For Hikers and Dog Walkers

The earliest walking trails to melt out in the spring are the lake and riverside rail trails, most notably, the Slocan Valley Rail Trail and the NS (Nakusp and Slocan) Rail Trail. The former extends 52 kilometres south from Slocan Lake, following the scenic Slocan River toward the Kootenay River. The latter starts in Nakusp, traveling 46 kilometres along the valley bottom to Rosebery, where it connects to the Lower Galena Trail along Slocan Lake. 

Hikers and dog walkers are also welcome on all of the mountain biking trails at Mount Abriel, Rosebery, and Box Lake.

Slocan Valley Rail Trail

Where to Stay That’s Closest to the Trails

Located 8 kilometres north of Nakusp, on the shores of sparkling Upper Arrow Lake, the Mount Abriel Recreation Site is the Arrow Slocan region’s newest camping area. There are 48 sites for tents and RVs (no hookups), with access to both the mountain biking trails and the beach. The Nakusp Bike Society maintains the site, along with the trails, starting April 1.

Five kilometers north of New Denver, Rosebery Provincial Park offers 33 vehicle-accessible sites set in a forest on the banks of Wilson Creek, with easy access to the adjacent mountain biking trails. The campsite operates mid-May through Mid-September.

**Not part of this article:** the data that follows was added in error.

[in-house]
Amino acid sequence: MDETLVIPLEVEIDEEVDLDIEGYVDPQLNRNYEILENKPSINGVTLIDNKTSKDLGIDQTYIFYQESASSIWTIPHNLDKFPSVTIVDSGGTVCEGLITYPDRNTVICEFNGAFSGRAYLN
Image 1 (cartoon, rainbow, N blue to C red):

About 12 kilometers southeast of Nakusp, on the other side of Box Lake from the mountain biking trails, the Box Lake Recreation Site has 31 campsites that accommodate a variety of setups ranging from hammocks and tents to trailers and 32-foot RVs. The lake is a popular fishing destination, stocked with trout and kokanee salmon. Camping opens May 1.

Wilson Creek Falls near Rosebery, BC

Where to Get the Goods

Shon’s Bike and Ski in Nakusp is the place to go for all things cycling. Owner Shon Neufeld is well known in the community for his work with the Nakusp Bike Society. And for serving fantastic coffee in his bike shop. Many local rides begin with a cuppa at Shon’s.

Valhalla Pure Outfitters is a British Columbia institution, with more than a dozen stores across the Coast, Columbia, and Rocky mountains. The very first store opened in the Arrow Slocan region, in New Denver, on Canada Day 1990. There’s still a store there today, and while it’s more geared toward water sports on Slocan Lake, it carries most of the outdoor essentials. It opens for the season in early May.

Know Before You Go

Electric mountain bikes, or e-MTBs, are welcome on all trails in the Arrow Slocan region, so long as they are pedal-assist, meaning the motor only engages when you pedal—providing a power boost, but not a free ride.

Leashing your dog keeps you, them, and other wildlife safe. Letting your dog off leash outside designated areas can damage trails and natural resources, and harm sensitive wildlife. It may also endanger or upset other park visitors.

West Kootenay’s Visitor Code of Conduct

  • Keep wildlife and yourself safe
  • Think before you light a fire
  • Prepare for all adventures
  • Respect trail etiquette
  • Respect everything local
  • Drive carefully
  • Camp responsibly
  • Leave No Trace